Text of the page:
DETROIT (FOX 2) - A Freedom Party in honor of Juneteenth in downtown Detroit, marking the end of slavery in the United States.
It was the first celebration of its kind hosted by the city of Detroit. But it is so much more than that.
Juneteenth dates back to 1865 when on June 19th union soldiers arrived in Galveston Texas to tell the slaves there that the Emancipation Proclamation had been signed some two years ago. It was shocking and devastating for many who had remained in bondage.
"They worked for two years before they knew they were free," said Conja Wright.
It wasn't just celebrating history for some people like Conja, its acknowledging part of how she, and others like her, are able to sit in Spirit Plaza freely on a Wednesday afternoon.
"These are my ancestors too," said Wright.
Juneteeth is the oldest known celebration of the end of slavery for blacks in America.
"Juneteenth is something most don't know about," said Tamika Webb. "I wanted to come down, hear the stories and be a part of the whole movement."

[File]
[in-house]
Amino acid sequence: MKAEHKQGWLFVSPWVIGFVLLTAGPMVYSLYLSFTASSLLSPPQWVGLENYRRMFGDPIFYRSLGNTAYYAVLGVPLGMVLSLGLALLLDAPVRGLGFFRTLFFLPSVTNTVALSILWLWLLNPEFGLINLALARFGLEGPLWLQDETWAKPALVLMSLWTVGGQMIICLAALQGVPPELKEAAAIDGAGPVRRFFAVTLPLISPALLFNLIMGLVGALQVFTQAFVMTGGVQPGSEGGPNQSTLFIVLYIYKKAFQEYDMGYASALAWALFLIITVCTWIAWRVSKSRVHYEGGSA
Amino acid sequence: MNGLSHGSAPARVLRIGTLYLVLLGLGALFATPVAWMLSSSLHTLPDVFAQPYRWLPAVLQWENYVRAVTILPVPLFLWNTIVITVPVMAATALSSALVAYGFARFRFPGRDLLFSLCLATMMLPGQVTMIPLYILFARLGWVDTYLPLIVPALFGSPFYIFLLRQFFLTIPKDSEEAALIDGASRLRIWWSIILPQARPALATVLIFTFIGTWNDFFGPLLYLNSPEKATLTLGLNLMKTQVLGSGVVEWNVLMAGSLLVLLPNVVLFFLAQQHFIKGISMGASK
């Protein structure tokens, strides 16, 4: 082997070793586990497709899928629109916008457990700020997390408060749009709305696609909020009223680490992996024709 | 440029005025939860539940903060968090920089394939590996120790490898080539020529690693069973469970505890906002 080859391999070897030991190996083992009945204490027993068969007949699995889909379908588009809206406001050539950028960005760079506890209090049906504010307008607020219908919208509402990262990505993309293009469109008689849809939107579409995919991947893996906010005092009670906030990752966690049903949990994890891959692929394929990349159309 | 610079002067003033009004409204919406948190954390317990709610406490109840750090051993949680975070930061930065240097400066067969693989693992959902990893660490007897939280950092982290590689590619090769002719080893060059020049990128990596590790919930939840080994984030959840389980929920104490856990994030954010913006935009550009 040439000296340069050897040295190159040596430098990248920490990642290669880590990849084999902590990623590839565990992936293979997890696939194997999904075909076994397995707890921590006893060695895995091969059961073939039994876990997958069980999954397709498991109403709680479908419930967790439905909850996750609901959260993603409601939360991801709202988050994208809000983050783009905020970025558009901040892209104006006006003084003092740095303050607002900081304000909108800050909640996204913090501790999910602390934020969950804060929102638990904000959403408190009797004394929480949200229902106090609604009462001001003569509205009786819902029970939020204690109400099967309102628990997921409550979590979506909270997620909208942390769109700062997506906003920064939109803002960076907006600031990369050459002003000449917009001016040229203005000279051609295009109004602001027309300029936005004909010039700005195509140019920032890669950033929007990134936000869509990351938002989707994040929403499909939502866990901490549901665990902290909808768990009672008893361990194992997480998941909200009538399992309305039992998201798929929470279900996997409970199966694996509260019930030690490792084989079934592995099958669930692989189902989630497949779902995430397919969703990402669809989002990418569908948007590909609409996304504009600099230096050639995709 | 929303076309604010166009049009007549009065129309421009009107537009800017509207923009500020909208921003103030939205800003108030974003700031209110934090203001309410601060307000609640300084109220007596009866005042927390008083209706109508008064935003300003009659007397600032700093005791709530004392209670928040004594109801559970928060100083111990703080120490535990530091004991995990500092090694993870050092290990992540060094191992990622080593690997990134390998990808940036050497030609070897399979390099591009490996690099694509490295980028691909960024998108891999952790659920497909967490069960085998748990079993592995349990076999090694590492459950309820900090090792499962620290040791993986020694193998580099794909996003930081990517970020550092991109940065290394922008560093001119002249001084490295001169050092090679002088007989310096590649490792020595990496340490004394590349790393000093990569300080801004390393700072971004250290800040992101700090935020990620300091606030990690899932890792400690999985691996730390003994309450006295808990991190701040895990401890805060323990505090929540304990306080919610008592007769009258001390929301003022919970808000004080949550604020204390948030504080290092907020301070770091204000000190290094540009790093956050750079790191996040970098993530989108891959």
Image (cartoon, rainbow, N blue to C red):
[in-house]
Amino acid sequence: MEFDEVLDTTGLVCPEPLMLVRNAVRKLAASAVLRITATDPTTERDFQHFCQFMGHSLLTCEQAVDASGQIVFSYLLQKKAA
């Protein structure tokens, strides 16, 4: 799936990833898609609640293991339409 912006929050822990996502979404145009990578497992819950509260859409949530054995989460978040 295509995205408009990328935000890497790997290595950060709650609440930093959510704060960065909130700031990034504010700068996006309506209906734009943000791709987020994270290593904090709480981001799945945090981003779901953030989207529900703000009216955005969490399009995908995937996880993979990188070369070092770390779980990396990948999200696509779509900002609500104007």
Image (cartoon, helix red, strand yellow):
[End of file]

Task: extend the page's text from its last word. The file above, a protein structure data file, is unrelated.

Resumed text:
Wednesday's celebration in Detroit is also the first time the city says it has officially organized and recognized the event, complete with food trucks owned by black business people.
The event marks the end of an insidious part of American history while exploring the struggle post-slavery.
FOX 2: "There still is a lot to be done in terms of education, poverty, criminal justice, do you see this as a moment to collectively have this discussion?"
"I do," said Detroit Mayor Mike Duggan. "These are hard conversations to have and the difference in perception between police officers and residents a lot of times. What do we have to do to bring them together. There is a way to reach out and say you are important because you are in the city, you are valued and you are going to have the same opportunities as everybody else."
Juneteenth also featured storytellers, a drum circle, traveling exhibits and a performance by the Mosaic Youth Scholars Orchestra.